There is currently a paucity of literature evaluating injury prevention in recreational runners and this proposed study will fill this gap in the existing research literature. LE injuries are the most common running-related injuries and may result in long-term consequences (e.g., obesity, PTOA, poor quality of life). In recent years, high quality RCTs have shown that prevention of acute and overuse LE injuries can be possible by regular NMT. However, effectiveness of NMT programs in prevention of injuries in runners has not yet been studied. We expect that injury prevention by NMT is possible in novice recreational runners, as it is possible in many running team sports. This study will represent a significant contribution to injury prevention in recreational runners and will promote the planning and implementation of sport injury prevention strategies on scientific field in different S&R populations. Ultimately, this research will enable us to optimize current running injury prevention programs, reduce the number of injuries, promote lifelong sport participation, and lower the public health costs related to injury in novice runners as well as in other sports that include running.
Running is an increasingly popular form of recreational physical activity in Finland. Regular running can result in significant health and fitness benefits, including improved cardiovascular health, body composition, and maximal oxygen uptake. Furthermore, running is a feasible sport for large populations, because it requires only little equipment, it is cheap and can be done almost everywhere. Unfortunately, rate of musculoskeletal injuries is high in runners. Injury rates in running ranges from 2.5 to 33.0 injuries per 1000 hours of running exposure, and novice runners have been shown to have a higher incidence rate of injuries than experienced runners.
The main aim of the study is to investigate the effectiveness of two different NMT warm-up programs on 1) reducing the risk of LE injury and severity of LE injury in novice female and male runners, and 2) improving performance characteristics (e.g., running biomechanics, strength) in novice female and male runners. We furthermore will assess knowledge, attitude, and beliefs of novice female and male runners related to sport injury prevention strategies, explore adoption and maintenance of the NMT warm-up program after the intervention season (the following year) in novice female and male runners, monitor overall physical activity using wearable technology in novice female and male runners, and investigate the recovery of heart rate variability (HRV) and its relationship with endurance performance in novice female and male runners.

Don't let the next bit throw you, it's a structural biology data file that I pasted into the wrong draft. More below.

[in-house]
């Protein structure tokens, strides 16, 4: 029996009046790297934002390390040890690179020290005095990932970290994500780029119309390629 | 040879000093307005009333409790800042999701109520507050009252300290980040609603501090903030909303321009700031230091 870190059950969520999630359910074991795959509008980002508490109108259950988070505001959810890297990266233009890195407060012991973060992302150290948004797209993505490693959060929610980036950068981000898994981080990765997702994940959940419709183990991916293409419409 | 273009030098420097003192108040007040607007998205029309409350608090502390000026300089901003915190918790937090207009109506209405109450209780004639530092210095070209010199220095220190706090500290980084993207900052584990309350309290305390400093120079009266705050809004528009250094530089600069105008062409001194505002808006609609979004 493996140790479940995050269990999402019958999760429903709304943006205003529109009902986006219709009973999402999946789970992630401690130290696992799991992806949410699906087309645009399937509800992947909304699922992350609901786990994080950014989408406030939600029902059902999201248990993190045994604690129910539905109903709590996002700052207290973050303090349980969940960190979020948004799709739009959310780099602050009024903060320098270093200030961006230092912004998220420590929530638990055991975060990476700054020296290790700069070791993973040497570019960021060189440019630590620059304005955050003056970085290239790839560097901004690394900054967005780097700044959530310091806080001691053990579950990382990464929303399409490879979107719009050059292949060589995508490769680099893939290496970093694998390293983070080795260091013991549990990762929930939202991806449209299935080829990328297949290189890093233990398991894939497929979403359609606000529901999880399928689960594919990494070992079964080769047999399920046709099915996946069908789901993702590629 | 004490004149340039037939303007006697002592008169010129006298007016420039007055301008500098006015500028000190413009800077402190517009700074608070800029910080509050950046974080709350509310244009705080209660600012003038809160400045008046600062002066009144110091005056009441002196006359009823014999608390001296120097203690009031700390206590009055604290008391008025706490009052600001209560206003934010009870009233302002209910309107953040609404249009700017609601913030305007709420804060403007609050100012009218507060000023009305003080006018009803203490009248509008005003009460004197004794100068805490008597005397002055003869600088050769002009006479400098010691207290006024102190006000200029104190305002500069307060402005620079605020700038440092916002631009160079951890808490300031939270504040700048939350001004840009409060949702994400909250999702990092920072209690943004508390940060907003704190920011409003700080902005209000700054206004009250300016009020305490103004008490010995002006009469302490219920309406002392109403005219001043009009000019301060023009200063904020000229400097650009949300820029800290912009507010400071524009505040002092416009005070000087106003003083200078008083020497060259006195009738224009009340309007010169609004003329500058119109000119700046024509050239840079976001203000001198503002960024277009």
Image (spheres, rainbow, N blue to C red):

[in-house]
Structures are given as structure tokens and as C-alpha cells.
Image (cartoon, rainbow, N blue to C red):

This study is a cluster randomized controlled trial. The data collection was conducted during 2021 and was repeated in 2022.
Jari Parkkari, Kati Pasanen
Jari Parkkari (University of Jyväskylä), Kati Pasanen (Sport Injury Prevention Research Centre, Faculty of Kinesiology, University of Calgary, Tampere Reserch Center of Sports Medicine), Leppänen Mari (Tampere Reserch Center of Sports Medicine), Piia Kaikkonen (Tampere Reserch Center of Sports Medicine), Heidi Jarske (Tampere Reserch Center of Sports Medicine), Tommi Vasankari (UKK Institute), Tron Krosshaug (Oslo Sports Trauma Research Center, Norwegian School of Sport Sciences), Penny Werthner (Faculty of Kinesiology, University of Calgary), Benno M. Nigg (Human Performance Laboratory, Faculty of Kinesiology, University of Calgary)
The project is carried out at the Tampere Research Center of Sports Medicine, UKK Institute, Tampere, Finland. The other project partners are the University of Calgary, University of Jyväskylä, and the Norwegian School of Sport Science.
The Ministry of Education and Culture, Finland; Competitive State Research Financing of the Expert Area of Tampere University Hospital, Finland
Ethics Committee of Pirkanmaa Hospital District 21.8.2020 (ETL-code R20042)